different worlds. Yet every time they touch, all worlds fall away.

Set amid the fiery Scottish-independence struggle, this searing gay romance tells the story of two men who must lose everything to win each other’s hearts.

To those who say Aye.

“Love is an infinite victory.”

- actual Yogi teabag tag


said no to a challenge. That’s why he was currently standing on his head, sucking down a two-liter bottle of Irn Bru through a jumbo pink curly straw.

There were other motivations, of course.

Truth, for instance—busting the myth that one could get hammered by guzzling “Scotland’s other national drink” whilst upside down.

Or curiosity—how would it feel to consume such a massive amount of sugar, caffeine, and orange food coloring at once?

Or even simple economics—hey, free Irn Bru!

But mostly he did it because his mates dared him. He had a reputation to uphold, after all.

“Halfway there.” John Burns, one of the party’s hosts, was crouched next to him, timing the stunt. “Liam, move the bottle closer,” he told Colin’s football teammate, a central defender whose ginger hair nearly matched the drink itself.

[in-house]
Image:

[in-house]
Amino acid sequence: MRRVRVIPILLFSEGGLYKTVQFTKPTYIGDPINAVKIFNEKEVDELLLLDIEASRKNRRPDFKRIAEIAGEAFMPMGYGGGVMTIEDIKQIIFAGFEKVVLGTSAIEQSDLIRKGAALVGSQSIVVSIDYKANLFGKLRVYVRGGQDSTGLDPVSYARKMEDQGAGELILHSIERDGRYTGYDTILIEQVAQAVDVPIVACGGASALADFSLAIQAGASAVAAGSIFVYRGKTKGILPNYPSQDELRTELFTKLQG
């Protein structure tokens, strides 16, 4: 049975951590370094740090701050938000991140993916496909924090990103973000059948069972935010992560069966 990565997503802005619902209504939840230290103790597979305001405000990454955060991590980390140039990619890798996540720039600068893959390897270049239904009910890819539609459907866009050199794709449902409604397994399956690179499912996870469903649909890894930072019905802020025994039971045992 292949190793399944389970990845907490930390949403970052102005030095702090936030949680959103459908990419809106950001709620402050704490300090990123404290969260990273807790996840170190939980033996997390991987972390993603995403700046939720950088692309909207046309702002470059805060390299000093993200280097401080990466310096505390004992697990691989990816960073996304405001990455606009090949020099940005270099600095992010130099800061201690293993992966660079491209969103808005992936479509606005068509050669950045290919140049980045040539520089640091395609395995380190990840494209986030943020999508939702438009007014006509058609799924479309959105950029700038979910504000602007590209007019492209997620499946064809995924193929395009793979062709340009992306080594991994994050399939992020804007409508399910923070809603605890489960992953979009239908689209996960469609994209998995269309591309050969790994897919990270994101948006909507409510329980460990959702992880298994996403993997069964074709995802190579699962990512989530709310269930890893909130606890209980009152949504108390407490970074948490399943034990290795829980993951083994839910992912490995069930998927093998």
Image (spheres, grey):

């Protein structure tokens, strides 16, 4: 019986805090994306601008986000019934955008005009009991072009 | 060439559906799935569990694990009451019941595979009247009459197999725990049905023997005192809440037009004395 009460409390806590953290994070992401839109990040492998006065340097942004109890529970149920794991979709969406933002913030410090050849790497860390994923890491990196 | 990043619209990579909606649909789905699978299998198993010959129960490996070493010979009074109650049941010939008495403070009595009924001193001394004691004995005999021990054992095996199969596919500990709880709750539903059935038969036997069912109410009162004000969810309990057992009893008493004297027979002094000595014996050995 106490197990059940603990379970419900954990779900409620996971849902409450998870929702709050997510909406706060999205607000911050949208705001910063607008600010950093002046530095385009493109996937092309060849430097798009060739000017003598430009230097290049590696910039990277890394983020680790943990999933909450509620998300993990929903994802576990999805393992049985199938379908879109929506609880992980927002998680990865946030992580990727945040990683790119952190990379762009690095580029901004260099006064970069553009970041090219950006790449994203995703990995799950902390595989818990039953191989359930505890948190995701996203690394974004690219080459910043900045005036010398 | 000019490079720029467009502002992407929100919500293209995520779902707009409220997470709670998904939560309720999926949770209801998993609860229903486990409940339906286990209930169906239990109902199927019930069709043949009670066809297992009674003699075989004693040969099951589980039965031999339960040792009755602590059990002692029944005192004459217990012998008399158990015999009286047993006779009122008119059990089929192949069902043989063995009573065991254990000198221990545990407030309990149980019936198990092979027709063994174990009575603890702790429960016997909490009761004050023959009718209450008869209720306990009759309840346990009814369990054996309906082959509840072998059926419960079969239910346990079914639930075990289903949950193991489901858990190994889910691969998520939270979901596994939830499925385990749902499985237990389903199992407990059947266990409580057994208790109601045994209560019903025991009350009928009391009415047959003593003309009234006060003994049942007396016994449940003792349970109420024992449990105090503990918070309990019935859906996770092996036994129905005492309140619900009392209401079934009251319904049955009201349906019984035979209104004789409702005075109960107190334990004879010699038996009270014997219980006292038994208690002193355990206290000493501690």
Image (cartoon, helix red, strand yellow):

Colin ripped his eyes from Liam, knowing his friend would try to make him laugh, and stared straight ahead into the forest of partygoers’ feet. He tried to focus on the stereo’s blaring music and the TV’s bleeping MarioKart, and ignore how fast his brain was spinning from the rush of blood and sugar and caffeine.

“You can do it! Wooooooo!” cried the Warriors’ left back, Katie Heath. She started singing the theme song from
, then broke off mid-crescendo. “Oh my God, it’s Lord Andrew!”

Colin choked. Bubbly liquid surged into his sinuses, searing the inside of his head.

“Drew!” John leaped up and moved toward the front door.

Spitting out the straw, Colin tumbled over, barely getting his feet beneath him in time to avoid slamming his injured knee against the hardwood floor.

“All right, mate?” Liam thumped Colin on the back, which made his head throb harder. Colin nodded as coughs ripped his throat and panic splintered his mind.